Diagrams for the Imagination showcases the paintings Arakawa created while working as an artist in New York City between 1965 and 1984 – predating his architectural career.
Ealan Wingate, the director of Gagosian Gallery New York, spent the last four years gathering the material for the exhibit. Many of the works had been placed in storage in the late 1980s and have rarely been exhibited to the public since.
“This is the first time in all these years to look at the paintings,” Wingate told Dezeen. “It’s not that I’ve been holding onto it and waiting for the moment. It finally happened that the moment could come.”
Described by Wingate as a “major artist”, Arakawa typically used a mixture of paint, ink and graphite to create abstract, graphical diagrams on paper and canvas. The works are often peppered with text, eye-exam charts, arrows and scales.
“These paintings are diagrammatic and he has referred to them as diagrams of the mind,” Wingate said.
While the artworks were created before Arakawa’s architecture endeavours, which began in the 1990s, some of the paintings nod to architectural representations.
A Couple No 2, for example, offers a bird’s eye view of a bedroom, drawing similarities to a floor plan. Arakawa’s piece, however, is detailed with smudged paint and split in two.
One side is annotated with text to indicate the locations of the bed, table, pillow, head, foot and lamp. The other shows these elements as numbers but with the addition of yellow paint to represent light streaming in from a window.
“There is a great breakdown of diagrammatic information, much like one would see on an architectural plan,” Wingate said. “[But] whereas an architectural plan would indicate constructions, these are postulating points of view, rather than walls.”
The experiential quality of Arakawa’s paintings invites the viewer to question what is represented, rather than as a factual source like an architectural drawing or diagram, according to Wingate.
“A lot of what is indicated in the paintings, are aspects for us as the viewer to grapple with,” he said, adding that these more abstract aspects draw on the work of conceptual artist Marcel Duchamp, who was a good friend of Arakawa’s.
“A lot of Arakawa’s work, although not dependent on, is inspired by the breakthroughs that people like Marcel Duchamp made in the early teens and twenties, in which we have that which is told on a canvas, or piece of paper, is not necessarily the truth.”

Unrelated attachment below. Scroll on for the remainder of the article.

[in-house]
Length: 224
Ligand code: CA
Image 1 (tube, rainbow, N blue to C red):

Another work in the exhibit includes Blank Lines, or Topological Bathing, which features a colour chart, an eye-exam test, and two off-white canvases covered in curved arrows and smudges, all pieced together.
The image That in Which No2, meanwhile, merges diagrammatic shapes like stepped forms, cones and cylinders, with scales, grids and dripped paint.
Diagrams for the Imagination documents the final portion of Arakawa’s artistic career, which he left in order to pursue architecture with his wife and collaborator Madeline Gibs.
Born in Japan in 1936, Arakawa established himself as an artist in Tokyo in the middle of the 20th century.
He was one of the founding members of the Neo-Dada Organisers art group, which followed the absurd styles of the Japanese Neo-Dadaists, and was set up in response to the political climate in Japan at the end of second world war.
Arakawa left the Japanese capital for New York City in 1961, when he also made a transition from his previous artistic endeavours.
Diagrams for the Imagination runs 5 March to 13 April 2019 at the Gagosian, 980 Madison Avenue, New York City.
Earlier this month, the gallery presented a Marc Newson exhibit at its Chelsea location, featuring pieces that the industrial designer created with Japanese swordsmiths, Czech glass makers and an American surfer.
Photography of individual works is by Rob McKeever, copyright Estate of Madeline Gins and courtesy of Gagosian.
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